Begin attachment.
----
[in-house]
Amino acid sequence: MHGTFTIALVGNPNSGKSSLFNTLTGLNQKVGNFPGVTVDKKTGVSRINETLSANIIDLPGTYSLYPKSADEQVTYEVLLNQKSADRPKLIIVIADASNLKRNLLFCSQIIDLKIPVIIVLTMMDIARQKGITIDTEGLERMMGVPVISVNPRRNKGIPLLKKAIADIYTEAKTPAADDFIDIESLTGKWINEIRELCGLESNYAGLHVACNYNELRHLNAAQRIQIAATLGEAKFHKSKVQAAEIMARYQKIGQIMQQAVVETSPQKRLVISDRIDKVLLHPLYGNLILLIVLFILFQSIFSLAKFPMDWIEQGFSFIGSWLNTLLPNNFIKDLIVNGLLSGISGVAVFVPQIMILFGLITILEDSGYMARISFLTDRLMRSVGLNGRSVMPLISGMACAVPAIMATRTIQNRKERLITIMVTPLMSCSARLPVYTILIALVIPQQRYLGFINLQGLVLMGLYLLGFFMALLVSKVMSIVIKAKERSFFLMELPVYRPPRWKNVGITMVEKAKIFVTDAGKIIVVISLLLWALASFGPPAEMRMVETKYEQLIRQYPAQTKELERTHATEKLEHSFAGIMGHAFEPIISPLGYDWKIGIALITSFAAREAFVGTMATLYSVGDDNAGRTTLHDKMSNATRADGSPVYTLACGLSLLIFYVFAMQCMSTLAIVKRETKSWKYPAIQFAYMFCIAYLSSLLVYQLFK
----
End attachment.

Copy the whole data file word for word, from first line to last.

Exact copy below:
[in-house]
Amino acid sequence: MHGTFTIALVGNPNSGKSSLFNTLTGLNQKVGNFPGVTVDKKTGVSRINETLSANIIDLPGTYSLYPKSADEQVTYEVLLNQKSADRPKLIIVIADASNLKRNLLFCSQIIDLKIPVIIVLTMMDIARQKGITIDTEGLERMMGVPVISVNPRRNKGIPLLKKAIADIYTEAKTPAADDFIDIESLTGKWINEIRELCGLESNYAGLHVACNYNELRHLNAAQRIQIAATLGEAKFHKSKVQAAEIMARYQKIGQIMQQAVVETSPQKRLVISDRIDKVLLHPLYGNLILLIVLFILFQSIFSLAKFPMDWIEQGFSFIGSWLNTLLPNNFIKDLIVNGLLSGISGVAVFVPQIMILFGLITILEDSGYMARISFLTDRLMRSVGLNGRSVMPLISGMACAVPAIMATRTIQNRKERLITIMVTPLMSCSARLPVYTILIALVIPQQRYLGFINLQGLVLMGLYLLGFFMALLVSKVMSIVIKAKERSFFLMELPVYRPPRWKNVGITMVEKAKIFVTDAGKIIVVISLLLWALASFGPPAEMRMVETKYEQLIRQYPAQTKELERTHATEKLEHSFAGIMGHAFEPIISPLGYDWKIGIALITSFAAREAFVGTMATLYSVGDDNAGRTTLHDKMSNATRADGSPVYTLACGLSLLIFYVFAMQCMSTLAIVKRETKSWKYPAIQFAYMFCIAYLSSLLVYQLFK